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Wellness

The Pandemic Ignited My Passion for Cooking

The opinions expressed in this article are the writer’s own and do not reflect the views of Her Campus.

The pandemic has changed a lot of things, from interpersonal relationships to dining experiences. Changes can be scary, but they also offer opportunities to gain a deeper understanding of ourselves. As a gastronome who found joy in trying new restaurants and cafes, my initial phase of lockdown consisted of takeout and disappointment, since the delivery foods would never taste as good as those eaten at restaurants. It was not until I indulged myself with Bon Appétit cooking videos that I realized it was time for a switch. 

Before the pandemic, the only thing I could make was avocado toast with failed poached eggs. My failure made me avoid cooking as often as I could. I did not want to face my shortcomings, but I was so inspired by Bon Appétit’s cooking videos prior to the show’s scandals. I fell in love with the creativity and energy in the test kitchen. 

Bon Appétit’s cooking videos inspired me a lot, and I think I should write a love letter to Claire Saffitz since her Gourmet Makes series has encouraged me to pick up my kitchen utensils. I started baking banana bread with the ingredients I had on hand. The flavor was not surprising, but the feeling of achievement drove me to test other recipes, such as no-knead bread and pancakes.  

My mom played a crucial role in building my confidence in cooking and helped me find the charm of dining in. Cooking for others is the easiest way to let people know what is on your mind, start an interesting conversation, and have a good time. When you dine in, no one really cares about the professional cook you are. Instead, they appreciate the time and effort you put into making the night special. It is not about comparison but being joyful and present.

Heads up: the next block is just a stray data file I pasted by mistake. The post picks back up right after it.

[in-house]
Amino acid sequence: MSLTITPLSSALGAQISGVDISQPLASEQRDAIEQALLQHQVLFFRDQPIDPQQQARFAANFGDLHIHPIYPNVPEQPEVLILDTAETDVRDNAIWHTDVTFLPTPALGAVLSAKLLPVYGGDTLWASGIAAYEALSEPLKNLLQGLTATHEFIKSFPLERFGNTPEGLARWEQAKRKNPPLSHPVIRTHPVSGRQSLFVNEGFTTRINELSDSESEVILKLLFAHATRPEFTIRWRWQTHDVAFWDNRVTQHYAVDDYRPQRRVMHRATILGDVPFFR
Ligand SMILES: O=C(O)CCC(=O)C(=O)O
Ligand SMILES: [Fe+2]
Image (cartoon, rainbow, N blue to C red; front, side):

Some believe cooking is stressful, while others think it is a time to be alone with your own thoughts while waiting for the food to be ready. Sometimes when I am hungry and have no energy to cook, a bowl of dumplings is my go-to. When it comes to something fancier, especially when I am in a good mood, a mushroom cream chicken stew is my favorite on a winter night. 

When I flew back to Boston in April, my mom was no longer by my side in the kitchen. But, she still sends me supportive messages about my cooking journey. Ever since I lived off-campus in my little studio, I cooked as much as I could, from beef tomato pasta to chicken with green curry, and invited friends for dinner on weekends. I started to notice the charm of dining in since there is a level of comfort and relaxation you can’t find at a restaurant. 

Surprisingly, surveys have shown that approximately 70 percent of Americans will continue the home cooking trend after the pandemic since it is healthier, cheaper, and safer. So why not try it yourself, and make it a new year’s resolution?

Truly, 2020 was a year of magical thinking that allowed us to reflect, adapt, and move forward. It was a year that I realized everything is not static and you can experience the wonder that your surroundings offer.  

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Irene is currently a senior studying health science and journalism at Boston University. She is from Taipei Taiwan, a tropical country, but she always wants to live in a cold city like Boston. In her free time, she loves to read, draw, hang out with friends, and explore the city by trying new restaurants and cafes. To view more about her work, visit her art account @irenechung.com.
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